Annie Kuo: Welcome back to Discovery, a University of Washington School of Law podcast where we interview the law school’s faculty and distinguished guests from around the world. I'm your host Annie Kuo. Today we have a real treat. We have an interview with our new director of the Native American Law Center at UW Law, Monte mills.
Monte Mills: Hi, Annie. Thanks for having me.
AK: Professor Monte Mills joined the law faculty in 2022 as the Charles I. Stone Professor of Law and the director of the Native American Law Center. He teaches American Indian law property and other classes focused on Native American and natural resources-related topics. A native of southwestern Colorado, he says y'all like I do from Texas. Professor Mills joined the UW faculty from the University of Montana, where he was a professor and co-director of the Indian Law Clinic.
In just one week on March 20, the US Supreme Court will hear oral arguments in a case called State of Arizona v. Navajo Nation, which covers this issue of water rights, especially around Western water management.
Professor Mills, could you tell us more about the Winters doctrine of 1908, which I understand is very foundational to the argument in this case.
MM: Sure, Annie. Yeah. This case is really about the duties of the United States to Indian tribes — federally recognized Indian tribes like the Navajo Nation — and here both the state of Arizona as well as number of other state entities and the United States Department of the Interior have been sued by the Navajo Nation who claims that the United States has a duty to help the Navajo Nation identify, protect and deliver water to the reservation. And the Navajo nation's rights to water are really based on that 1908 case, Winters v. United States, which said that when the United States either entered into a treaty or otherwise established a reservation for an Indian tribe, that also came with water rights — water rights sufficient to fulfill the purposes of the reservation.
What the Navajo Nation is arguing here is that, in addition to creating those rights, the treaty and the Winters doctrine also requires of the United States a duty or an obligation to help protect those water rights into the future. The challenge is, however, that even though tribes like the Navajo Nation may have legal rights to water under the Winters doctrine, oftentimes they haven't had the opportunity to quantify or adjudicate or resolve the nature of those water rights. So, they may have rights on paper, but they're not getting actually delivered water pursuant to those legal rights. And here their argument is that the United States has an obligation to help protect those legal rights, particularly in times of scarcity along the Colorado River.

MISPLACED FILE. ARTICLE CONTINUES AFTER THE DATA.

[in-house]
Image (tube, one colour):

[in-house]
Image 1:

AK: I was reading a summary of the argument and there's an argument that there's been continual reaffirmation by the US government, of its understanding of what the Winters doctrine implies. How could this be actually tenuous and up for interpretation?
MM: Yeah, that's a really good question. The Winters case was decided in 1908, over 115 years ago now. But what happened after that case was even though the United States Supreme Court there confirmed that there were water rights associated with treaties and the creation of reservations, in practice, many of those water rights were simply set aside or ignored. And what happened was there were significant federal investment and development of water resources across the West, especially in the Colorado River Basin, where the 1922 compact really set out who got what water across the whole basin, the seven states in the basin. And that compact said nothing in this agreement affects any rights of any Indian tribes. But really, tribal rights were sort of set aside and ignored.
So, all of the water rights and the reliance on water rights for much of the big cities of the West like Las Vegas, and Phoenix and Los Angeles and the agricultural industry of Southern California really came to rely on access to water from the Colorado River, based on the 1922 compact and what's called the law of the river, notwithstanding the fact that the Navajo Nation and other tribes had legally protected rights to use some of that water that just hadn't been really accounted for.
It wasn't until 1963 when the United States Supreme Court decided a case called Arizona v. California, that those Winters rights — or the rights implied and reserved to tribes upon their reservation — really came back to the fore because the Supreme Court said these are legally protectable rights that need to be honored in this deal. So, even though the Navajo Nation has had these legally protected rights, others have been actually using the water. So, now that the Navajo Nation is saying, look, United States you need to take some steps here to protect our rights to this water, especially as United States is developing rules for how in times of shortage, each parties are going to cut back on their use of the water.
AK: You and I were talking just yesterday about this case, and we talked about some of the other competing interests, people who also want to be accessing the Colorado River. Could you spell out some of those? Las Vegas came up.
MM: Yeah, yeah. I mean, because of the aridity, the desert nature of the Southwest, obviously, water is critically important. And frankly, that's part of the reason that the court recognized the need for water for a lot of the Indian reservations that were created. Without implied water rights, they'd be blazing scorching sands, I think the court said in Arizona v. California. But that's also meant that a number of other communities have come to rely on the use of that water.